Photo by Keith Larson
“We don’t have time for a digital transformation. We must be born digital.” PureCycle Technologies’ Ronetta Bagby shared how the company is using Emerson’s DeltaV control technologies to rapidly scale its innovative polypropylene recycling process.

PureCycle’s ‘born digital’ platform builds its future

Oct. 4, 2023
PureCycle Technologies’ Ronetta Bagby shared how the company is using Emerson’s DeltaV control technologies to rapidly scale its innovative polypropylene recycling process.

Plastics recycling has been around for decades, but that doesn’t mean it can’t be improved. An eight-year-old company, PureCycle Technologies, has made it its mission to do exactly that, and it’s received a big assist from an Emerson DeltaV control system and other Emerson technologies to develop not just a smart plant but what the company refers to as a “smartest” plant as production ramps up around the globe.

PureCycle was founded in 2015 in Ironton, Ohio, and developed a unique purification process to transform polypropylene plastic into a versatile, replenishable resource. Its process lets recycled plastic be reused multiple times, whereas traditional recycling is limited in scope. While people around the world use polypropylene every day, most of it goes unrecycled and much of it ends up in the oceans. PureCycle’s patented process separates color, odor and other contaminants from plastic waste to transform it into ultra-pure recycled resin. This process helps close the loop on plastic waste while making recycled plastics more accessible at scale.

But as a young company on a fast track to growth and with little time to waste while attacking a rapidly growing worldwide problem, it’s had to be creative while planning for new facilities. As Ronetta Bagby, senior automation engineer with PureCycle, told an audience during this week’s Emerson Exchange Immerse conference, “We don’t have time for a digital transformation. We must be born digital.”

For the company, that means it must be ready to rapidly scale its operations. So, as it grows to include additional facilities in the U.S. and internationally, it must move beyond traditional smart facility standards and take it one step further, and faster.

Being “born digital” means its plants must not only be built with traditional qualities, such as integrated control and safety systems, process historians and condition monitoring, but also advanced attributes, such as design for mobility, a sound alarm management philosophy, predictive analytics, simulation models and digital twins.

Bagby pointed to the need to accommodate remote workers and cybersecurity measures as requirements for plants that go beyond traditional digitalization efforts. In short, the new plants must be future-ready, even though no one can be sure what the future holds.

The whole purpose of the born digital program is to make sure the company is providing its operators, company and the organization with a system that will self-diagnose, solicit help when it needs it, and eventually, help build itself using emerging technologies such as artificial intelligence, according to Bagby.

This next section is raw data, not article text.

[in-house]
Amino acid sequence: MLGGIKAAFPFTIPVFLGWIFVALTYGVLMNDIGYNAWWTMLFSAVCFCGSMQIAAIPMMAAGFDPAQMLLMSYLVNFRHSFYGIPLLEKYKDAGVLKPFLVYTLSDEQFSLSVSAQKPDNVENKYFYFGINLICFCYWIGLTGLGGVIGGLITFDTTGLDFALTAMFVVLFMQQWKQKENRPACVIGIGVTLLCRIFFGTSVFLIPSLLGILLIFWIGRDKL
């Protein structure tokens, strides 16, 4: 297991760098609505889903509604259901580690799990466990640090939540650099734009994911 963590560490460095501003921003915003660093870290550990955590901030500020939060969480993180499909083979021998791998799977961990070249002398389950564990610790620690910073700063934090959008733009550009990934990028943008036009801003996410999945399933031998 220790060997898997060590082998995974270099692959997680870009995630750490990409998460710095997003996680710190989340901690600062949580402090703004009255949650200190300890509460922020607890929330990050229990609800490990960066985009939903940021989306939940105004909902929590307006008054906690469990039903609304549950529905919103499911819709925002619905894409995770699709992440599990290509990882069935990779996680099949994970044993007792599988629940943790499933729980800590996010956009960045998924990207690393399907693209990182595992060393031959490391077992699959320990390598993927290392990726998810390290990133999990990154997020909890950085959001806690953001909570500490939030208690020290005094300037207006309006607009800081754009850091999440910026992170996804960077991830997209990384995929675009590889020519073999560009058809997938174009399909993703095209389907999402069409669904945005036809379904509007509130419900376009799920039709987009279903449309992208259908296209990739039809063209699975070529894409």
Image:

One of the enablers of PureCycle’s efforts is Emerson’s DeltaV automation system, which is designed to simplify operational complexity and lower project risk. The Emerson products and services increase plant performance with intelligent control that is easy to operate and maintain, Bagby said.

Virtualization meets remote access

PureCycle has 13 workstations on its Ironton, Ohio, production unit, and with traditional methods each workstation would need a server, power and cabinet space—and for all of that to be connected. But with virtualization, up to 40 machines can run on a single host, Bagby said. “That gives us redundancy,” she added. “If one of our virtual machines fails, it automatically switches to another host. We see minimal downtime.”

She also pointed to time and cost savings during commissioning, as each virtual machine can be stood up in about an hour. Most important is the fact that virtualization gives the company the ability to quickly scale up its process when it is ready, without interrupting production. PureCycle also takes advantage of electronic marshalling to connect its field devices to DeltaV. This cuts cabling costs as well as increasing flexibility and redundancy, Bagby said.

Bagby also pointed to the changing nature of the industry workforce, particularly post-COVID. None of her team lives in Ironton, so the company had to stand up a secure, third-party network that not only allows them to communicate with more than 50 devices across its network, but also allows remote access for all its engineering department, operations, and external business and supplemental organizations.

The company also hosts its electrical system data on DeltaV Mobile, a read-only platform that allows managers, engineers and operators to access operational data whenever they need it. “It lets us view our electrical usage and remotely troubleshoot electrical equipment that’s running in our facility,” Bagby said.

It’s another step toward creating that “smartest” plant the company values, and it’s another step toward expanding adoption of the company’s innovative recycling methods around the world.

About the Author

Len Vermillion | Editor in Chief

Len Vermillion is editor-in-chief of Control. 

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